The UK with Karin: Day 2

We both enjoyed every second of sleep we got that first night. It is definitely the trade-off for flying overnight. You know the first day is a tough one. Pictures help you remember what you saw and what you did, but it’s really a crapshoot.

Day two was another hard trek, but honestly, I can’t imagine traveling any other way unless I’ve checked into an all-inclusive resort with nowhere else to go. I do NOT waste time.

After a full English breakfast, we took a quick peek at the Coronation Stone in Kingston, which is said to have been the very place where seven Anglo-Saxon kings have been crowned. (Having just taught Beowulf to my high school students, I was all warm and fuzzy about Anglo-Saxons and super happy to see the stone.)

We took a quick walk around the riverside so Karin could see more of Kingston in the daylight. I love this borough so dearly – I actually look at rental properties here in my spare time. It’s a dream, I know. But still.

Bridge to Richmond-Upon-Thames and Hampton Court
River Thames

Eventually, we took the train back to London, this time starting near Buckingham Palace so we could see if the Queen was home. (She wasn’t!) We stopped in the gift shop for a few keepsakes, which is where I took the cutest photo of Karin ever.

We took a long walk through Hyde Park to see the Diana Princess of Wales Memorial Fountain and Kensington Palace (all new stuff for me!). The walk was beautiful – perfect temperature and plenty of autumn leaves.

The Queen Elizabeth Gate to Hyde Park
The Serpentine in Hyde Park

Our discovery of Diana memorials continued when we walked into Kensington Palace. Of course, we were hoping that the Duke and Duchess of Cambridge would be home, but alas, they weren’t.

Prince Charles and Princess Diana lived at Kensington Palace together when they were married, and Diana continued to live there after they divorced. I was so pleased to see she is still memorialized there.

Time to update these photos for Prince Louis and Archie!
This magnificent wallpaper lines the walls near the restrooms on the bottom floor at Kensington.

The bulk of Kensington Palace features the life of Queen Victoria and her sweetheart (and cousin) Prince Albert, two monarchs I know little about other than the obvious bits and facts. I was thrilled by what I learned about this small, feisty queen. I’m eager to get my hands on a book about her.

We learned that Victoria has limited freedom as a young princess, and her relationship with her mother suffered for it.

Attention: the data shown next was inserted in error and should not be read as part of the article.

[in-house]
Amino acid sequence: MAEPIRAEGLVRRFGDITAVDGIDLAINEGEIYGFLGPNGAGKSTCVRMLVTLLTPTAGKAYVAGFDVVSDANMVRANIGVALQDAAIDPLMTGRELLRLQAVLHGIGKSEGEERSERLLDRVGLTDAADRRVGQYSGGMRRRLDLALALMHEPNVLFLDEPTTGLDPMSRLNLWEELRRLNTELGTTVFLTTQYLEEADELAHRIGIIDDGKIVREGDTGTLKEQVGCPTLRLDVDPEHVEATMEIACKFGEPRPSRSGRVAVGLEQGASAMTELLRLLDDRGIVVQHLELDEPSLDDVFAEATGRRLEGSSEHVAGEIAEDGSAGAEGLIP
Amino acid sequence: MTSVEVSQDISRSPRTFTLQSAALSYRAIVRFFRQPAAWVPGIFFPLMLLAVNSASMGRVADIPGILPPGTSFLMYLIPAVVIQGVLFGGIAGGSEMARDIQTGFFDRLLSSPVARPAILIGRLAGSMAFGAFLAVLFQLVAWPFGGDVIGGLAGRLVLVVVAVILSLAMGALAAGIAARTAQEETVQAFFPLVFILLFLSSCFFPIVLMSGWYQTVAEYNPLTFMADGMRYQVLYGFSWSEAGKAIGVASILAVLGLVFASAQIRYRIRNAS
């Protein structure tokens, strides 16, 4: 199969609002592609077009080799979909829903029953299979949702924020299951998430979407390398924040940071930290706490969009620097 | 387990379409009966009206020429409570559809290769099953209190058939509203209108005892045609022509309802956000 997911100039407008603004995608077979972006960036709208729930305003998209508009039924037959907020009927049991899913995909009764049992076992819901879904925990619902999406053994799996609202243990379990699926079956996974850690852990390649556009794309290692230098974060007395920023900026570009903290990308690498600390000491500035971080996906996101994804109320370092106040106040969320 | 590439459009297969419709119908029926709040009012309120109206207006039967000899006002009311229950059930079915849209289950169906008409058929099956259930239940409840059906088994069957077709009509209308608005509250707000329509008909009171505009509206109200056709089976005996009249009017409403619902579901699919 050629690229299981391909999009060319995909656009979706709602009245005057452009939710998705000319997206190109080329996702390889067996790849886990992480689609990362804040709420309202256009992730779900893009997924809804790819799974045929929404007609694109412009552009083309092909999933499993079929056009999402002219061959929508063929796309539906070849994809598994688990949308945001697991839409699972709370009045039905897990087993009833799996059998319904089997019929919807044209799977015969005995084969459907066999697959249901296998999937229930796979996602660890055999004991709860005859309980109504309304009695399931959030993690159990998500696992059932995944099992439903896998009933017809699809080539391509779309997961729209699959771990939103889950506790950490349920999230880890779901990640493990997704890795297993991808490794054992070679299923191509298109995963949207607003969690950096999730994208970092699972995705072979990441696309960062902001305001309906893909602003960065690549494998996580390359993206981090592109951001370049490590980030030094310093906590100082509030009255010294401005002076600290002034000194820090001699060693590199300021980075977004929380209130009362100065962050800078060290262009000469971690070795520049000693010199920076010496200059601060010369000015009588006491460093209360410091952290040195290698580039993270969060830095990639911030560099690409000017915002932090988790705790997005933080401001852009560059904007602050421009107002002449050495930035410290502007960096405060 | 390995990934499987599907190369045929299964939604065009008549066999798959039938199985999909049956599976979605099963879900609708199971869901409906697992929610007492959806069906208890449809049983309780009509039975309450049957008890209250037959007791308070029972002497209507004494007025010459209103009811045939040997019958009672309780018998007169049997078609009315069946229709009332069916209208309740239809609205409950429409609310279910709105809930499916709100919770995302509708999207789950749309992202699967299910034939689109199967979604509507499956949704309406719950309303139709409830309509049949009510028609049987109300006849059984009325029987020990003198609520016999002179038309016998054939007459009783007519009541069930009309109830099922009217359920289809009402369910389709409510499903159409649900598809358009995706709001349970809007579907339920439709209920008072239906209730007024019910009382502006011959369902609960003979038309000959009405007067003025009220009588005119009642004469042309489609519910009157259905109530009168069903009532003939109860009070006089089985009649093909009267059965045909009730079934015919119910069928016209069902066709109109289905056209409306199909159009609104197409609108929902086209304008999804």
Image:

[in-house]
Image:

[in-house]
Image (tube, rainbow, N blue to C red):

Victoria was a “spirited” child. 🙂
I love this. Victoria was so small, and it really bothered her! Now we know why she preferred the tiny crown.
Queen Victoria was born in this room.

Hello, crowns!

After our tour of Kensington Palace, we took tea/coffee and cake on the patio to relish the moment.

A quick stop to the restrooms gave me a glimpse of this adorable sign. Love the crowns!

We took our time strolling back through Hyde Park toward Buckingham Palace and the center of Westminster. Karin still wanted to see a few key spots, such as 10 Downing Street, Big Ben (which is still under construction), and Westminster Abbey.

Prince Albert Memorial
This is the statue of Dame Millicent Fawcett, a suffragist leader. I read that this is the first statue of a woman in Parliament Square (also the first statue designed by a woman), and it commemorates the 100th anniversary of women winning the right to vote in the UK.
Flower boxes are my fave!

We had no idea we’d arrived at Westminster Abbey at the perfect time. We knew the abbey was closed to visitors on Sunday, but there was a line forming outside the west door. A quick inquiry told us that anyone was allowed to attend the Sunday evening prayer service (with strict instructions that it is indeed a prayer service and not an opportunity to tour the church). We jumped at the opportunity to join others in prayer at Westminster. We just couldn’t believe it.

As per the rules, I took no photos inside but instead took the opportunity to be still in prayer, gratitude, and thanksgiving.

Since it was dark, we took a cab to Waterloo and grabbed the next train back to Kingston.

Leave a Reply

Your email address will not be published. Required fields are marked *